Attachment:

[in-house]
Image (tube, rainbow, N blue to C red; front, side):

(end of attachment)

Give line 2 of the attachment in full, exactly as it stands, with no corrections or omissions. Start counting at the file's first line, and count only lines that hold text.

Image (tube, rainbow, N blue to C red; front, side):